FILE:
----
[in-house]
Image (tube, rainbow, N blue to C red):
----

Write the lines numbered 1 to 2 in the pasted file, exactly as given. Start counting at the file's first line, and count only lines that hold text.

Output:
[in-house]
Image (tube, rainbow, N blue to C red):